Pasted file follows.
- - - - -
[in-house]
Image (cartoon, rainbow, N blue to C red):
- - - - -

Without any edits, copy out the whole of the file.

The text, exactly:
[in-house]
Image (cartoon, rainbow, N blue to C red):